Dehydration of the polyvalent cation-containing chabazite to a level of optimum performance can be carried out by any method which will remove the water from the zeolite cavity, including water surrounding the cations, without causing the collapse of the zeolite structure. To achieve this in a practical manner, the chabazite should be maintained at temperature in the range of 200°-400° C. under any conditions suitable to lower the water content of the zeolite to less than about 1.5 weight % without causing structural damage to the zeolite.
The invention is further illustrated but is not intended to be limited by the following examples in which all parts and percentages are by weight unless otherwise indicated. In the examples, nitrogen and argon isotherms are measured at 30° C. from 0 to 1 atmospheres using a volumetric adsorption apparatus. Prior to the uptake measurements, each adsorbent is first thoroughly dehydrated for 16 to 18 hours to a final temperature of 400° C. unless otherwise indicated. In all cases the samples are heated at 1° to 2° C. per minute up to the desired temperature while maintaining a pressure of less than 10-5 Torr in the system. All adsorption uptakes are measured at 30° C. and 1 atmosphere pressure and are reported as ccSTP/g.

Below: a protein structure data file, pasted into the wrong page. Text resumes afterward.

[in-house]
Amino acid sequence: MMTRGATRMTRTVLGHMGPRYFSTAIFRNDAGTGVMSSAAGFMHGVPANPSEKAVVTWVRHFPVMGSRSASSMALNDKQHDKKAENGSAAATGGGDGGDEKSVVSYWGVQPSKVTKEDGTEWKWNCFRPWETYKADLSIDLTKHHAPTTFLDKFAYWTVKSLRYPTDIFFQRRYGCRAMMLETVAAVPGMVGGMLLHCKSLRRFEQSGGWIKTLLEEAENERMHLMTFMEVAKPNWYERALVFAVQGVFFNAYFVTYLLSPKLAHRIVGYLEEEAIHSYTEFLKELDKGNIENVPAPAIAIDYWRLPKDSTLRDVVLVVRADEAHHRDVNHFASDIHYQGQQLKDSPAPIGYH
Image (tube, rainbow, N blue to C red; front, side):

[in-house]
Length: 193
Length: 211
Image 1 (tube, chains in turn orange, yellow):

For the examples given below, aluminum hydroxide and potassium hydroxide used have variable water content. Aluminum hydroxide was typically 50-65 wt % Al2 O3, potassium hydroxide was typically 87 wt % KOH. In the examples, the gel compositions reported account for the actual dry weight of Al2 O3 and KOH used.